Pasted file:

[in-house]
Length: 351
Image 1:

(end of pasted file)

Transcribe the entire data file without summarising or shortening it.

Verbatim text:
[in-house]
Length: 351
Image 1: